Dani Mas lives her life like it’s golden.  She believes love is what makes us human: to love is to be human.  She approaches everything with love.  

Dani’s thirst for life means she enjoys all facets of it.  She enters many worlds and they all influence her heart (music, drawing, and dancing).

BCP: Why song?

DM: I find it to be a deeper connection to he emotions being conveyed. Reaching out sound song and music it just seem to communicate the poetry in a holistic way.

BCP: What is your process?

DM: The process is a messy chaotic thing: guided by will , inspired by life, altered by emotion and tempered by rational (at times).

BCP: How long have you been writing songs?

DM: Don’t really recall.  Before I had the intent to write it was just a natural reaction to life: singing, story telling, rhythm came naturally just a part of being.

BCP: Who are your influences?

DM: I’m sure I’ve have many, some famous I’m sure, most you’ll never know.  Still, on a whole, I’d have to say life itself for sure.

BCP: Your song Grab Life and Run With It (featured in underground inspirations) is very positive.  What do you try to convey to your audience?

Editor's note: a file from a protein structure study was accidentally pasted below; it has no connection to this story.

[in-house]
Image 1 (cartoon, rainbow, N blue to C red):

DM: Well I  know how dark it can be, there are many valid reasons: people, situations that can pull a person down into that to a point where you give up on life itself;  when you give up on life you begin to walk the path of death, be it a slow decay of self, suicide or a more violent end; in the end it’s death that you cling to.  This song is about the about not walking that path, about not giving up on your dreams, about holding on to life for as ling as you live, run with life not sinking into death.  

BCP: Does your spirituality play a part in your writing?

DM: It’s a good part of who I am and my approach to life; so, yes it does play a part in my writing.

BCP: Do you see song as a form of prayer?

DM: It’s a kin to prayer but no it’s not a prayer.

BCP: How has working with the Parkdale Street Writers workshop helped your song writing?

DM: The Parkdale Street Writers community is a wealth of inspiration, a mode for exploration, so many brilliant prospectives bring about in oneself new growth.  I’ve grown as a writer and a person in wonderful company and each year I encounter interesting minds; some stay, some come and go, some stick around as I have.  It all influences my writing .

BCP: Do you perform regularly?

DM: Not at all in fact the other aspects of my life keep me rather occupied.

BCP: What are you working on now?

DM: I have a few things on the fire: I’m looking for some serious musician multi-talented, flexible range for a project.

BCP: Are you aiming to put out an EP or an album?

DM: Aiming for so much more but an album is a goal, yes.